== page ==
The indications for inguinal hernia repair have been described in preceding chapters. The techniques that remain to be described include the transabdominal preperitoneal (TAPP) and the totally extraperitoneal (TEP). Laparoscopic repair may be applied to indirect, direct, or femoral hernias. Laparoscopic inguinal herniorrhaphy is contraindicated in the presence of intraperitoneal infection and irreversible coagulopathy and in patients who are poor risks for general anesthesia. Relative contraindications include large sliding hernias that contain colon, long-standing irreducible scrotal hernias, ascites, and previous suprapubic surgery. For totally extraperitoneal repairs, specific relative contraindications include incarceration and bowel ischemia. A thorough knowledge of the anatomy of the inguinal region is essential when it is approached posteriorly using a laparoscope. The view of this area as seen from the intraperitoneal perspective in the transabdominal preperitoneal repair, as well as the one from the preperitoneal perspective in the totally extraperitoneal repair, is shown in Chapter 114. In addition, proficiency with laparoscopic skills or mentored experience with this type of hernia repair is strongly recommended.
A. TRANSABDOMINAL PREPERITONEAL REPAIR
Patients must be suitable candidates for general anesthesia. Anticoagulation, aspirin, and antiplatelet drugs such as clopidogrel bisulfate (Plavix) must be discontinued in advance of the procedure in order to avoid postoperative hematoma formation. Preoperative antibiotics should be administered intravenously within 1 hour of the incision.
All laparoscopic repairs use some form of prosthetic material. Typically, bare permanent synthetic mesh is used. In situations where the peritoneum is unable to cover the mesh, a barrier-coated mesh is used with its visceral surface facing the bowel.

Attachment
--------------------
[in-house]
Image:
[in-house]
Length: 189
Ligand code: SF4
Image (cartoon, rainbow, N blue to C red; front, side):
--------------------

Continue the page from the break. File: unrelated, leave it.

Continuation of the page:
Fixation of the mesh is usually used to prevent migration and the tendency for the mesh to shrink over time. There are a number of absorbable and nonabsorbable tacks that may be used. Most are delivered with 5-mm disposable instruments. Self-gripping meshes and fibrin glue also have been employed to minimize the use of mechanical fixation if desired.
General endotracheal anesthesia is required.
Patients are placed in the supine position, and the arms are tucked. The operating room setup and port placements are shown in FIGURE 1.
Skin hair is removed with a clipper. A catheter is placed in the bladder if deemed necessary by the surgeon and, if so, is usually removed at the end of the case. Sterile drapes are applied according to the surgeon’s specifications. Then a time-out is performed.
FIGURE 1 shows the typical room setup for a left inguinal hernia repair by either TAPP or TEP. The surgeon stands contralateral to the hernia. The camera holder is next to the surgeon and ...